Thursday, May 15, 2014


Simple minded elitist refer to fast food workers as "unskilled" and not deserving of a livable wage. They threaten to replace them with machines should they complain about their working conditions or wages.

The one thing these simpletons forgot to take into account is that these are "human beings" and being treated like machines will eventually provoke them to defend themselves against this kind of abuse.

It appears that the red line has been crossed.

Fast-food workers kick off global labor action | Al Jazeera America

The world’s largest protest of fast-food workers kicked off Thursday with workers demonstrating in 150 cities in the United States and more than 30 other countries. The protesters are demanding better pay in a global rallying cry against rising income inequality, continuing on the heels of an 18-month-long labor campaign for higher fast-food wages in America.

Thursday’s protests come after the first-ever global meeting of fast-food workers last week, organized by the International Union of Food, Agricultural, Hotel, Restaurant, Catering, Tobacco and Allied Workers' Associations (IUF) in New York. Dozens of delegates from labor unions representing 12 million workers in 126 countries joined the U.S. movement of fast-food workers, which, Fells said, “created a huge sense of unity of fast-food workers around the globe.

This is a wake up call to the 1% that there are millions (if not billions) of people who are no longer willing to accept the status quo which has resulted in creating chronic and massive income inequality where a small number of people wallow in wealth while the rest of the world wallows in poverty; leaving very few in the middle.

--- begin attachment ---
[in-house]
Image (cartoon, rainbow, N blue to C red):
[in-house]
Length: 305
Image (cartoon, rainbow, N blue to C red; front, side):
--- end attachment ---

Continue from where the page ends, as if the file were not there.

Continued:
Pope Francis fired the first shot;

Pope Francis recently called for a "legitimate redistribution" of wealth when meeting with United Nations Secretary-General Ban Ki-moon, saying governments should work to end the "economy of exclusion" that plagues the poor and the middle class from rising up the economic ladder.

"I do not hesitate to state, as did my predecessors, that equitable economic and social progress can only be attained by joining scientific and technical abilities with an unfailing commitment to solidarity accompanied by a generous and disinterested spirit of gratuitousness at every level," Francis said.

"A contribution to this equitable development will also be made both by international activity aimed at the integral human development of all the world's peoples and by the legitimate redistribution of economic benefits by the state, as well as indispensable cooperation between the private sector and civil society," the pontiff continued.

The pope, who has often reiterated his desire to see the Catholic Church be "a poor Church [...] for the poor," went on to argue that the only way to overcome poverty is to push forward and progress: "Much more needs to be achieved, since an important part of humanity does not share in the benefits of progress and is in fact relegated to the status of second-class citizens."